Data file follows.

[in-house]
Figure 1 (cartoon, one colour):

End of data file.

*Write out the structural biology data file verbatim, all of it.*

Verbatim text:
[in-house]
Figure 1 (cartoon, one colour):